You may not be ready to create a brand new OER yet, however, there are many resources already available for you to use. This list will highlight just a few OER repositories to help you get started.

UNMC E-Learning Gallery 

The UNMC E-Learning Program provides resources to support faculty and students in creating innovative e-modules. Many of the modules are also available for reuse in the E-Gallery. The gallery includes twelve categories of information. Faculty can fill out a brief form to request permission to link to a module in their course.

MERLOT: Health Sciences 

MERLOT is online repository that includes over 4,000 open educational resources for all areas of health sciences. It includes simulations, animations, reference materials, games and more. Created and maintained by the California State University System.

Open Michigan 

Open Michigan includes open educational resources for multiple areas of health sciences including dentistry, medicine, nursing, public health, and pharmacy. The University of Michigan provides access to course materials, videos, lectures, and more.

MIT Open Courseware 

The Massachusetts Institute of Technology provides a website of undergraduate and graduate open courses. The site is searchable by type of collection or material, topic, department, and instructional approach. Resources include images, simulations, lecture notes, textbooks, and more.

NCBI Bookshelf

The National Library of Medicine provides free access to books, reports, and other documents in life science and healthcare.

Looking for more resources? Send an email to askus@unmc.edu or contact your Liaison Librarian.

Get More Visibility for Your Conference Posters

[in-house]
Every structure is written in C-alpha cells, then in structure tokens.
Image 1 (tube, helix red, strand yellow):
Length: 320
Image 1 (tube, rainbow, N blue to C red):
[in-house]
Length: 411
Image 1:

You’ve presented a poster at a conference. It may or may not be on the conference website and may or may not be freely available. Since the conference, people around the world have found your abstract and would like to view the poster, but unfortunately it may not be available.  

Now is your chance to increase the visibility of your work and share it worldwide. The library can host your poster in UNMC’s institutional repository, DigitalCommons@UNMC. The repository is indexed in Google and Google Scholar, making your work easy to find. Additionally, you will receive monthly usage reports and can obtain more in-depth metrics in the Author Dashboard. 

“DigitalCommons provides an excellent opportunity to gain more exposure for our academic work. The research in the field of Medical Imaging & Therapeutic Sciences is somewhat limited. With the help of DigitalCommons, we can reach a wider audience and share what we are doing here at UNMC with not only our colleagues, but students (both current & potential), university partners & funding agencies. We would encourage all faculty to consider adding their work to the DigitalCommons” – Tanya Custer MS, R.T.(R)(T), Assistant Professor, Distance Education Coordinator Medical Imaging & Therapeutic Sciences. 

Some questions we’ve received about placing conference posters in DigitalCommons:

What if I plan on writing an article based on the poster? Posters are generally not perceived as prior publication, though embargoes are available within our system. 

Does the conference have copyright over my poster? Most conferences do not require a copyright transfer. The poster remains under your copyright. However, some conferences may hold the right of first publication and thus the poster cannot be deposited in the repository. The library can help you investigate these issues. 

How can this be a part of my workflow?
Once you’ve completed your poster and are ready to have it printed or to upload on to your conference’s harvester, submit to DigitalCommons through this form. We will post it after the conference date unless you specify otherwise.  

To learn more about submitting your poster, please email us at digitalcommons@unmc.edu.